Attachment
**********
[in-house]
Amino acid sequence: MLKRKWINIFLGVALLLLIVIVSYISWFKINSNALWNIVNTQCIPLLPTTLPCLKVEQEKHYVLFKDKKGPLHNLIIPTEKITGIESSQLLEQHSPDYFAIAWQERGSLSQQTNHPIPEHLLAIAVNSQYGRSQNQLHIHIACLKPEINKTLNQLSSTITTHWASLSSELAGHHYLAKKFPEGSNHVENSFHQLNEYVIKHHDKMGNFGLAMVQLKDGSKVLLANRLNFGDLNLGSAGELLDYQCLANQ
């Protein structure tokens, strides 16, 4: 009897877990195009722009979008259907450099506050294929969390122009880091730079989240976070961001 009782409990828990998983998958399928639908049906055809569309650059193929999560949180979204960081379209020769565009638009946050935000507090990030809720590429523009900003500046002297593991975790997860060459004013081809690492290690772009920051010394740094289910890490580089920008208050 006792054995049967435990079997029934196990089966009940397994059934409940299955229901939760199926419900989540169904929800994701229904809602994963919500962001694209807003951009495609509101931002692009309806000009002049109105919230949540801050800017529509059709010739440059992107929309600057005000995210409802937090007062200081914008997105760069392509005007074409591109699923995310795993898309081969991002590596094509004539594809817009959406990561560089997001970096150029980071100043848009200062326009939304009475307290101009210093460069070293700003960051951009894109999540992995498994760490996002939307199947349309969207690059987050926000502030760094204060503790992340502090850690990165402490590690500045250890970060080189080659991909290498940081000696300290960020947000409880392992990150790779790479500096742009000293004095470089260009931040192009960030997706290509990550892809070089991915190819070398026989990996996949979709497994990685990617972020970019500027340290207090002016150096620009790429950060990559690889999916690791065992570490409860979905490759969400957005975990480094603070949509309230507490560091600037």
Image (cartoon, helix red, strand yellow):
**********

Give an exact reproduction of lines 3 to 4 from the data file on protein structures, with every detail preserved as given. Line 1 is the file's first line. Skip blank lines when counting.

């Protein structure tokens, strides 16, 4: 009897877990195009722009979008259907450099506050294929969390122009880091730079989240976070961001 009782409990828990998983998958399928639908049906055809569309650059193929999560949180979204960081379209020769565009638009946050935000507090990030809720590429523009900003500046002297593991975790997860060459004013081809690492290690772009920051010394740094289910890490580089920008208050 006792054995049967435990079997029934196990089966009940397994059934409940299955229901939760199926419900989540169904929800994701229904809602994963919500962001694209807003951009495609509101931002692009309806000009002049109105919230949540801050800017529509059709010739440059992107929309600057005000995210409802937090007062200081914008997105760069392509005007074409591109699923995310795993898309081969991002590596094509004539594809817009959406990561560089997001970096150029980071100043848009200062326009939304009475307290101009210093460069070293700003960051951009894109999540992995498994760490996002939307199947349309969207690059987050926000502030760094204060503790992340502090850690990165402490590690500045250890970060080189080659991909290498940081000696300290960020947000409880392992990150790779790479500096742009000293004095470089260009931040192009960030997706290509990550892809070089991915190819070398026989990996996949979709497994990685990617972020970019500027340290207090002016150096620009790429950060990559690889999916690791065992570490409860979905490759969400957005975990480094603070949509309230507490560091600037």
Image (cartoon, helix red, strand yellow):